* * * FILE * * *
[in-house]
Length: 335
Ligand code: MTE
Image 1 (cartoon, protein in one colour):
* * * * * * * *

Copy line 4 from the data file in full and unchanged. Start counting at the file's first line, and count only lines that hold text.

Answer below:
Image 1 (cartoon, protein in one colour):